Jimmie Johnson: ‘a lot of faith’ in creation of new point system that could make people ‘desperate’

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CHARLOTTE- Jimmie Johnson has “a lot of faith” in the creation of NASCAR’s new point system and believes it could make people “desperate.”

Johnson, a seven-time champion in the Monster Energy NASCAR Cup Series, was the last champion under the old format, which became obsolete Monday around 6 p.m. ET.

“The big takeaway I have, when you put all the smart people in the room and what it could look like … I think that’s a smart move,” Johnson said Tuesday at the NASCAR Media Tour. “Knowing our environment, knowing how to take the best from each of those folks in the room, the major stakeholders … I have a lot of faith in that. I’m excited everyone took the time to put their heads together. It’s all about winning, finishing the best you can. Doesn’t matter what it is. There’s incentive to go out and perform. It’s tough to change much of what I do.”

MORE: Nate Ryan: The Chase is dead in name only

MORE: Q&A about the new points system

The format introduces three segments to all races with points awarded at the end of each. Said Johnson, “It might take people from the 100 percent mark to being more desperate.”

Johnson, who doesn’t see himself as a strong qualifier – despite 35 career poles and an average start of 12.1 – thinks that could work against his team in the new format. Points will be awarded to the top 10 finishers in each of the first two segments, with 10 the first driver and one to the driver in the 10th.

“Qualifying has been tough for us,” Johnson said. “We might leave points on the table that first segment because our qualifying isn’t where we want it to be. It’s not one of my natural strengths. It’s going to force people to be more aggressive and more competitive. In some situations, not all, but in some situations.”

NASCAR has altered the points system multiple times since Johnson won his first title in 2006, including after Johnson won his fifth championship in a row in 2010 and its introduction of the playoff system in 2014 after his sixth title.

“I’m not bigger than NASCAR, there’s no way they’re making changes because of the 48,” Johnson said. “This sports a lot bigger than one person.”

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NASCAR on NBC podcast, Ep. 90: Roger Slack

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Eldora Speedway general manager Roger Slack joined the NASCAR on NBC podcast to discuss his track’s past, present and possible future with NASCAR.

Slack detailed the run-up to the initial “secret” test with Tony Stewart and Richard Childress Racing’s Austin Dillon that led to scheduling a Camping World Truck Series race that recently completed its fifth edition.

Slack also discussed the storied history of Eldora, which opened in 1954 and was bought by Stewart 50 years later.

You can listen to the podcast by clicking on the AudioBoom embed below or download and subscribe to the podcast on Apple Podcasts by clicking here. The free subscription will provide automatic downloads of new episodes to your smartphone.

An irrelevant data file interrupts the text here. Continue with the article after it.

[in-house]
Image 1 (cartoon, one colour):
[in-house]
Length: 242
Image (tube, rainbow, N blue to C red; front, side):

It also is available on Stitcher by clicking here and also can be found on Google Play, Spotify and a host of other smartphone apps.

NASCAR America: How Daniel Suarez found out he was replacing Carl Edwards (video)

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On Wednesday’s edition of NASCAR America, Daniel Suarez recalled the moment he got the call that he was being promoted to replace Carl Edwards in the NASCAR Cup Series at Joe Gibbs Racing.

Suarez was at dinner back home in Mexico with family and friends when JGR officials called and him to be ready for a teleconference in a few moments.

Suarez stepped away, telling his dinner partners he’d be back shortly — which ultimately lasted 40 minutes.

When he returned to the dinner table, he couldn’t tell anything about the phone call — JGR officials swore him to secrecy — but he eventually revealed that he had been promoted to the NASCAR Cup Series to replace Edwards, who had decided to take a hiatus from his racing career.

Check out the video above.

 

 

NASCAR America: What Joe Gibbs Racing teammates really think of each other (video)

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Daniel Suarez appeared on Wednesday’s live broadcast of NASCAR America from the NASCAR Hall of Fame in Charlotte, North Carolina,

One of the funniest segments of Suarez’s visit was a video and verbal collage of how much he and his fellow Joe Gibbs Racing teammates really think of each other — all in good humor, of course.

Check out the video above where Suarez, Denny Hamlin, Matt Kenseth and Kyle Busch answer the “tough questions” about themselves, as well as how they feel about their fellow teammates.

NASCAR America: Daniel Suarez’s journey from Mexico and VW Beetles to NASCAR champion (video)

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In winning last year’s Xfinity Series championship, Mexican native Daniel Suarez became NASCAR’s first international champion.

It was the culmination of a journey that began with his father and, interestingly enough, Volkswagen Beetles.

Check out Suarez’s story and the thoughts about his success and prowess by our NASCAR America analysts in the video above.

Speaking of VW Beetles, Suarez’s father sold his restoration shop to fund his son’s racing dream. Years later, Daniel repaid his father by purchasing a new restoration shop for him. See the video below.